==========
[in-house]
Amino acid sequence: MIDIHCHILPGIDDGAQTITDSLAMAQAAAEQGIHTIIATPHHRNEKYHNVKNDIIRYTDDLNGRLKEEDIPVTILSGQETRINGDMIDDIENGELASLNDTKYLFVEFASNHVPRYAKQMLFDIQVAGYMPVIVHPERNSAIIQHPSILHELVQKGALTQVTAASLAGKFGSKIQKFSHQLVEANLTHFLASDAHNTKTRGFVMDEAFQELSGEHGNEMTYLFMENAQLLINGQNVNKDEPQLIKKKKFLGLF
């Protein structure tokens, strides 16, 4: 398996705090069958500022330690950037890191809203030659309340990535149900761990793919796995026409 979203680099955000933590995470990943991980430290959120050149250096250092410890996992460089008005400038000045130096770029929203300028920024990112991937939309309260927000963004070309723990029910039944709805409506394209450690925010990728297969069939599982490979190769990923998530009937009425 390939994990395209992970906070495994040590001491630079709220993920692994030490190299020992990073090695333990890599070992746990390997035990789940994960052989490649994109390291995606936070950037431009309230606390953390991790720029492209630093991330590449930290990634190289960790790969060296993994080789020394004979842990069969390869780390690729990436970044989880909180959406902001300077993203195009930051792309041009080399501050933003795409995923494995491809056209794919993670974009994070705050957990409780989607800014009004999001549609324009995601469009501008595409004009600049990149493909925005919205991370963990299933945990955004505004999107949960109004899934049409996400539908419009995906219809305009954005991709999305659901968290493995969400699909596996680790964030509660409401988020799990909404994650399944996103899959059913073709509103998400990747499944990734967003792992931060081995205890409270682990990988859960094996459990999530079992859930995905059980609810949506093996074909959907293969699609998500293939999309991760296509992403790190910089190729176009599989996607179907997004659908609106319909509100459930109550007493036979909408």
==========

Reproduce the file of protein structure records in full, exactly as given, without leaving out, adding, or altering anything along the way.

[in-house]
Amino acid sequence: MIDIHCHILPGIDDGAQTITDSLAMAQAAAEQGIHTIIATPHHRNEKYHNVKNDIIRYTDDLNGRLKEEDIPVTILSGQETRINGDMIDDIENGELASLNDTKYLFVEFASNHVPRYAKQMLFDIQVAGYMPVIVHPERNSAIIQHPSILHELVQKGALTQVTAASLAGKFGSKIQKFSHQLVEANLTHFLASDAHNTKTRGFVMDEAFQELSGEHGNEMTYLFMENAQLLINGQNVNKDEPQLIKKKKFLGLF
């Protein structure tokens, strides 16, 4: 398996705090069958500022330690950037890191809203030659309340990535149900761990793919796995026409 979203680099955000933590995470990943991980430290959120050149250096250092410890996992460089008005400038000045130096770029929203300028920024990112991937939309309260927000963004070309723990029910039944709805409506394209450690925010990728297969069939599982490979190769990923998530009937009425 390939994990395209992970906070495994040590001491630079709220993920692994030490190299020992990073090695333990890599070992746990390997035990789940994960052989490649994109390291995606936070950037431009309230606390953390991790720029492209630093991330590449930290990634190289960790790969060296993994080789020394004979842990069969390869780390690729990436970044989880909180959406902001300077993203195009930051792309041009080399501050933003795409995923494995491809056209794919993670974009994070705050957990409780989607800014009004999001549609324009995601469009501008595409004009600049990149493909925005919205991370963990299933945990955004505004999107949960109004899934049409996400539908419009995906219809305009954005991709999305659901968290493995969400699909596996680790964030509660409401988020799990909404994650399944996103899959059913073709509103998400990747499944990734967003792992931060081995205890409270682990990988859960094996459990999530079992859930995905059980609810949506093996074909959907293969699609998500293939999309991760296509992403790190910089190729176009599989996607179907997004659908609106319909509100459930109550007493036979909408």